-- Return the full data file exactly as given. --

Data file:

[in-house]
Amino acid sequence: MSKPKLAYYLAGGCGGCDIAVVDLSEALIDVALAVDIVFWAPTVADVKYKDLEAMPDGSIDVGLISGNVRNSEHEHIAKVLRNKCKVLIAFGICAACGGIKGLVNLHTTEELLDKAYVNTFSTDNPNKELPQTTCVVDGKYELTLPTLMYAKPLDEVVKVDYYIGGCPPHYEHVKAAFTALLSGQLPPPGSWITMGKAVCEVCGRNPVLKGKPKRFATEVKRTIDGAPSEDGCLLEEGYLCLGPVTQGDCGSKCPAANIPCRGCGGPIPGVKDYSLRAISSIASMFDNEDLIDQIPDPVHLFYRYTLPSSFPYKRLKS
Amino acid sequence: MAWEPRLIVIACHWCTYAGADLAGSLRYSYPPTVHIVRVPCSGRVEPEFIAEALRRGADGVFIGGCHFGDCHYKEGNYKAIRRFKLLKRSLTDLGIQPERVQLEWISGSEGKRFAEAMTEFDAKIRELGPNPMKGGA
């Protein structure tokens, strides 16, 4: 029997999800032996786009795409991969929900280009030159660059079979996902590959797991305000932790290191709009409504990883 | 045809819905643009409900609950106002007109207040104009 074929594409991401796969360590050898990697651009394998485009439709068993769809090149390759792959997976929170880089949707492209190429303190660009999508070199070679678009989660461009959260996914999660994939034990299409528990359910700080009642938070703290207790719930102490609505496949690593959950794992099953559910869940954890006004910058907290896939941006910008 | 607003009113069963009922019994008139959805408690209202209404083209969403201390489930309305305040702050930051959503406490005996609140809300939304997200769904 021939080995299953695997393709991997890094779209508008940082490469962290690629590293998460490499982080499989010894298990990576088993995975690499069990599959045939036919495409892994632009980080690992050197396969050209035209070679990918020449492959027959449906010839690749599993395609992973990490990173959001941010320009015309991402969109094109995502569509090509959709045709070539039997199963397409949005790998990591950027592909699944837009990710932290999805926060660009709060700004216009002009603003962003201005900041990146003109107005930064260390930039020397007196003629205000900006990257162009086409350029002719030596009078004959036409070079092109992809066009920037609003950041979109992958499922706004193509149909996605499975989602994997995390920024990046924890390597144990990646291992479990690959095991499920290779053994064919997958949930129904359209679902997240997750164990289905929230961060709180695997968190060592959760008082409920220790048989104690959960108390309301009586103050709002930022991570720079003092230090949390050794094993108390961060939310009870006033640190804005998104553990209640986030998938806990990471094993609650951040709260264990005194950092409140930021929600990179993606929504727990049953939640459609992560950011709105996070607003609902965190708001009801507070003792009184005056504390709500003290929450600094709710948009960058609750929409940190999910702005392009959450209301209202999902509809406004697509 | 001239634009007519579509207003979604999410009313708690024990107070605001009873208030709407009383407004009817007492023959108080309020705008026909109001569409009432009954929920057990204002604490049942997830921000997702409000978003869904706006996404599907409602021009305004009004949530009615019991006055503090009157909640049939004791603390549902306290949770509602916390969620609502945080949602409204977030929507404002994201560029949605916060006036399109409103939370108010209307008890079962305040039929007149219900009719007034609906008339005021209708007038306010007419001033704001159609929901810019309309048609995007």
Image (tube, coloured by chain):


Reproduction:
[in-house]
Amino acid sequence: MSKPKLAYYLAGGCGGCDIAVVDLSEALIDVALAVDIVFWAPTVADVKYKDLEAMPDGSIDVGLISGNVRNSEHEHIAKVLRNKCKVLIAFGICAACGGIKGLVNLHTTEELLDKAYVNTFSTDNPNKELPQTTCVVDGKYELTLPTLMYAKPLDEVVKVDYYIGGCPPHYEHVKAAFTALLSGQLPPPGSWITMGKAVCEVCGRNPVLKGKPKRFATEVKRTIDGAPSEDGCLLEEGYLCLGPVTQGDCGSKCPAANIPCRGCGGPIPGVKDYSLRAISSIASMFDNEDLIDQIPDPVHLFYRYTLPSSFPYKRLKS
Amino acid sequence: MAWEPRLIVIACHWCTYAGADLAGSLRYSYPPTVHIVRVPCSGRVEPEFIAEALRRGADGVFIGGCHFGDCHYKEGNYKAIRRFKLLKRSLTDLGIQPERVQLEWISGSEGKRFAEAMTEFDAKIRELGPNPMKGGA
């Protein structure tokens, strides 16, 4: 029997999800032996786009795409991969929900280009030159660059079979996902590959797991305000932790290191709009409504990883 | 045809819905643009409900609950106002007109207040104009 074929594409991401796969360590050898990697651009394998485009439709068993769809090149390759792959997976929170880089949707492209190429303190660009999508070199070679678009989660461009959260996914999660994939034990299409528990359910700080009642938070703290207790719930102490609505496949690593959950794992099953559910869940954890006004910058907290896939941006910008 | 607003009113069963009922019994008139959805408690209202209404083209969403201390489930309305305040702050930051959503406490005996609140809300939304997200769904 021939080995299953695997393709991997890094779209508008940082490469962290690629590293998460490499982080499989010894298990990576088993995975690499069990599959045939036919495409892994632009980080690992050197396969050209035209070679990918020449492959027959449906010839690749599993395609992973990490990173959001941010320009015309991402969109094109995502569509090509959709045709070539039997199963397409949005790998990591950027592909699944837009990710932290999805926060660009709060700004216009002009603003962003201005900041990146003109107005930064260390930039020397007196003629205000900006990257162009086409350029002719030596009078004959036409070079092109992809066009920037609003950041979109992958499922706004193509149909996605499975989602994997995390920024990046924890390597144990990646291992479990690959095991499920290779053994064919997958949930129904359209679902997240997750164990289905929230961060709180695997968190060592959760008082409920220790048989104690959960108390309301009586103050709002930022991570720079003092230090949390050794094993108390961060939310009870006033640190804005998104553990209640986030998938806990990471094993609650951040709260264990005194950092409140930021929600990179993606929504727990049953939640459609992560950011709105996070607003609902965190708001009801507070003792009184005056504390709500003290929450600094709710948009960058609750929409940190999910702005392009959450209301209202999902509809406004697509 | 001239634009007519579509207003979604999410009313708690024990107070605001009873208030709407009383407004009817007492023959108080309020705008026909109001569409009432009954929920057990204002604490049942997830921000997702409000978003869904706006996404599907409602021009305004009004949530009615019991006055503090009157909640049939004791603390549902306290949770509602916390969620609502945080949602409204977030929507404002994201560029949605916060006036399109409103939370108010209307008890079962305040039929007149219900009719007034609906008339005021209708007038306010007419001033704001159609929901810019309309048609995007």
Image (tube, coloured by chain):